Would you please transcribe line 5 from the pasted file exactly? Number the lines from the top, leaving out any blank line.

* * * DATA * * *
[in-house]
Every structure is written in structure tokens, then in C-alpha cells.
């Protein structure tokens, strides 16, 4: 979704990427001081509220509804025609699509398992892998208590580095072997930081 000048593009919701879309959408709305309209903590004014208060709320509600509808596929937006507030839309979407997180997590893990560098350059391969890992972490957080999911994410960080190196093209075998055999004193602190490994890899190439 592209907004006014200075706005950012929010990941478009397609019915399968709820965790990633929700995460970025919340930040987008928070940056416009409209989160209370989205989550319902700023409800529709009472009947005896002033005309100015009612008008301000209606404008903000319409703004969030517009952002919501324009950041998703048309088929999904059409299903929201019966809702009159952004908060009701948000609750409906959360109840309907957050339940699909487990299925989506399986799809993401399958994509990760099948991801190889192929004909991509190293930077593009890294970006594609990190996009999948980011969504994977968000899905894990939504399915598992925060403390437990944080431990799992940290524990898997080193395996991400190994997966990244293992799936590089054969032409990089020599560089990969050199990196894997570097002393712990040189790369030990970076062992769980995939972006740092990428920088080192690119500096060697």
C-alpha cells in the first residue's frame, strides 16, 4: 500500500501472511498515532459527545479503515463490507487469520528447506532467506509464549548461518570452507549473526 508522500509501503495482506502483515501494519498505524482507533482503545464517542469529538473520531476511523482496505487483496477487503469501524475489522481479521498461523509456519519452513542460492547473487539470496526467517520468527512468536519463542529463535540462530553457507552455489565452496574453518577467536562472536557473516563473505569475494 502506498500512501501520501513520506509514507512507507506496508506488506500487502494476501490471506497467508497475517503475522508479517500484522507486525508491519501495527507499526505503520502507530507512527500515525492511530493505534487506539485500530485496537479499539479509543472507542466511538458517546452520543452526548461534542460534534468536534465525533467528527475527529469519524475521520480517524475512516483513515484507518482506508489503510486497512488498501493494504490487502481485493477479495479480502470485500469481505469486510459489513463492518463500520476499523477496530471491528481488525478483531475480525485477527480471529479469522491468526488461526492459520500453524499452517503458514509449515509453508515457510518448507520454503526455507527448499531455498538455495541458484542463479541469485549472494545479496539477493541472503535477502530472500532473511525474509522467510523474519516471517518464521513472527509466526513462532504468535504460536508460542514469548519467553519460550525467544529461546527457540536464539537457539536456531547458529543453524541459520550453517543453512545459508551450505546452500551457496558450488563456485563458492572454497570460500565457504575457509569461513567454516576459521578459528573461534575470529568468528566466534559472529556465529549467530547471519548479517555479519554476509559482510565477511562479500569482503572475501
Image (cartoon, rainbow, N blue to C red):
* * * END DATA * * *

Image (cartoon, rainbow, N blue to C red):